For example, in a large manufacturing firm in Dallas, four out of thirteen members of the board are former employees ("inside" directors). Two members of the board are current employees (chairman of the board and the president) of the Company. Remaining seven members of the board are "outside" directors selected for their accomplishments in finance, business and academics. As a condition of their tenure on the board, "inside" directors must seek membership on the board of other firms.

All the different governing structures that we observe in the United States have emerged through voluntary contractual agreements and passed the market (survival) test. The survival of alternative governance structures is the best evidence that no two firms are alike. Some boards specialize in handling crises, others produce CEOs from among their members, and some boards are minutely interested in day-by-day operations, while others prefer to remain more detached. But, no single model can specify the interrelation of functions.

The transition industry’s attempts to justify its power to enact (and modify) a set of fixed rules about governance structures by saying that those rules reflect the evolving trend is plain wrong. No firm needs the law in order to adapt to emerging practices. And many firms need to be free to deviate from the trend. Analysis and empirical observations suggest that the best way to go is to let members of the team develop governance structures in accordance with their judgment of their survival needs.


    1. Industrial Democracy

Industrial democracy is the transition industry’s favorite institutional arrangement. It is an umbrella for all the different forms of labor participation in the governance of business firms. Evidence shows that industrial democracy has not emerged voluntarily on any significant scale and has failed to perform successfully whenever and wherever imposed by fiat. Yet, the demand for labor participation in the governance of business firms continues to be relatively strong. The reason is quite simple: industrial democracy offers too many rent-seeking opportunities, and satisfies too many ideological preferences to be discarded on account of its poor performance.

Whatever the facade of words, terms such as industrial democracy, stakeholding, or labor participation are code words for wealth transfers. Involuntary labor participation in the governance of business firms restricts the freedom of individuals to negotiate mutually beneficial organizational forms. By increasing the risk borne by equity holders, involuntary labor participation in the governance of business firms raises the cost of equity capital. When the shareholders invest their wealth into an investment project that turns out to be successful, they share the gains with labor. When the investment decision is not successful, shareholders alone bear the losses. Employees experience no loss of wealth; their cost is limited to the cost of changing jobs.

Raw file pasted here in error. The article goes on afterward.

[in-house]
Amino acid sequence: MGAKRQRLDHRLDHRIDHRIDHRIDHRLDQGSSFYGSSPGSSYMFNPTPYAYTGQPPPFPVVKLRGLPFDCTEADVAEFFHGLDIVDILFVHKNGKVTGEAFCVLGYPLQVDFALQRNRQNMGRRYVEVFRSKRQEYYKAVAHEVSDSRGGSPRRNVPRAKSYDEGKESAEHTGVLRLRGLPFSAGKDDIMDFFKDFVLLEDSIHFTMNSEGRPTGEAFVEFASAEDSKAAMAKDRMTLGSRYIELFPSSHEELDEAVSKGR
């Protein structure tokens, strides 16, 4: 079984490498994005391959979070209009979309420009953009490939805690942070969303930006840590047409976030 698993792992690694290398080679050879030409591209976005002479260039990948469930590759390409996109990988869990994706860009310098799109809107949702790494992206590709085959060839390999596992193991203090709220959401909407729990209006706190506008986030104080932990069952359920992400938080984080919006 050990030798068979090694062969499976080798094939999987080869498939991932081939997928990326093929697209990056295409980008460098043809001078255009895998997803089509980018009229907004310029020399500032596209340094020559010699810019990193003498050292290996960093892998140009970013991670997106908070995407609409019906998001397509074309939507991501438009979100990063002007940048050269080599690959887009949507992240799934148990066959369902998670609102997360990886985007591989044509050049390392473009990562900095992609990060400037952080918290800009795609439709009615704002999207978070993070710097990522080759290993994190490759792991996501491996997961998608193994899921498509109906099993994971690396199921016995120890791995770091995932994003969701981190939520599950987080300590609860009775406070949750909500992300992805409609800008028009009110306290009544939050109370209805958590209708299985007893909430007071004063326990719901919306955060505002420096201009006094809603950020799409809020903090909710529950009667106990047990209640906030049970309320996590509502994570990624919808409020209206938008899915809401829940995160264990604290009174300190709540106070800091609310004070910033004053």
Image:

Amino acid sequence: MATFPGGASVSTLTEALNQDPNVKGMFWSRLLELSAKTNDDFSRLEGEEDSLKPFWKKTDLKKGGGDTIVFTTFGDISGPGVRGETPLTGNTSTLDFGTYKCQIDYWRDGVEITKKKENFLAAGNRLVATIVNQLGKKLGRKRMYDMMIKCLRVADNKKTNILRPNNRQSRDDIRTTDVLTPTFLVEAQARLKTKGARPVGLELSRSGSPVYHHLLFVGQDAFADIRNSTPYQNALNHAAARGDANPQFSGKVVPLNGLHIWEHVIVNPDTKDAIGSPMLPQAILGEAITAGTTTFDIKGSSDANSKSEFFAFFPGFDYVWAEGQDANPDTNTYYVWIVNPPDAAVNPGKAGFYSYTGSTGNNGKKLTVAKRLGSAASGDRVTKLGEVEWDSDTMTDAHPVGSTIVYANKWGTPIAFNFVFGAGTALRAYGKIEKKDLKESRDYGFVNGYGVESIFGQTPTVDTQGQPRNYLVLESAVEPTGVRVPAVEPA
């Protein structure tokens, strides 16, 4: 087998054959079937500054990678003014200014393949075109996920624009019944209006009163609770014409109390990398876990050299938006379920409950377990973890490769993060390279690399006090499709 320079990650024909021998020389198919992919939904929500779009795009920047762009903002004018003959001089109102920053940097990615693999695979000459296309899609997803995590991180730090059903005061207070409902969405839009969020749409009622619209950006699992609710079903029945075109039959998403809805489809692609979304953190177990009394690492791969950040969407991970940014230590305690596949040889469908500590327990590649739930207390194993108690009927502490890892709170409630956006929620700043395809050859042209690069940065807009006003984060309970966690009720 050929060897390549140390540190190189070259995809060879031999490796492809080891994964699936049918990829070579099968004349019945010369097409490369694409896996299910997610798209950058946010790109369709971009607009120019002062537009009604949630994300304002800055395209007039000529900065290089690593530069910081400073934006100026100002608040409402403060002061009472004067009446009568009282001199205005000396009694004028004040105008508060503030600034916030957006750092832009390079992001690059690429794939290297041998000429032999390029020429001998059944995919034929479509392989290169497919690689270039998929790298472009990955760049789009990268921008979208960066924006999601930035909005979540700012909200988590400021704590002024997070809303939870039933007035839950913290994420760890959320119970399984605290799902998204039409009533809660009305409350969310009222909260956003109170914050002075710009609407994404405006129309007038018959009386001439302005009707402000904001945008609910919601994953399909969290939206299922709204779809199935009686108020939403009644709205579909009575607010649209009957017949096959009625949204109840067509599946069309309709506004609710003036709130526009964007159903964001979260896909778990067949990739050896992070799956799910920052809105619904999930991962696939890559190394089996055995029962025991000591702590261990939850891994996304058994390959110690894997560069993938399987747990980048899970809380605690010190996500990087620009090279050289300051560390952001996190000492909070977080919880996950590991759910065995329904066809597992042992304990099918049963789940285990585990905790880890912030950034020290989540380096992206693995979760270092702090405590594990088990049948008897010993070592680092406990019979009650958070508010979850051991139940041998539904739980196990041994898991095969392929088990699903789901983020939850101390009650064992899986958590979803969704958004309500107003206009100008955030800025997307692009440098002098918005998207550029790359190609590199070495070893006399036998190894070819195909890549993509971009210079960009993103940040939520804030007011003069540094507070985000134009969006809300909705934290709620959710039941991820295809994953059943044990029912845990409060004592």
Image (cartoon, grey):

The fact that labor participation in governance has to be mandated by the government and protected from competition is the best evidence of its inefficiency. A major source of this inefficiency lays in the fact that by attenuating the right of ownership, all the different forms of industrial democracy create a gap between private and social costs of using scarce goods. If labor participation had positive effects on the firm's productivity, why don't we observe the labor participatory firm on a significant scale? Why don't shareholders negotiate with employees a contract that would make both groups better off? If labor participation has to be mandated by law, how can we assert that it is a superior method for organizing production? There is no law in the United States that says that there shall be no labor participation. Indeed, there are cases in which labor participation has emerged voluntarily, but it has not happened on any significant scale.

Germany is a good case for analysis of the consequences of involuntary labor participation in the governance of business enterprises. The Codetermination Act of 1976 in Germany—a capitalist version of the labor-managed firm--applies to all business firms that have more than 2,000 employees. The supervisory council (i.e., the board of directors) for such firms has twelve members, of whom six are representatives of the shareholders and six are representatives of the employees. The chairman of the supervisory council is elected by the shareholders and holds the deciding vote in case of a deadlock.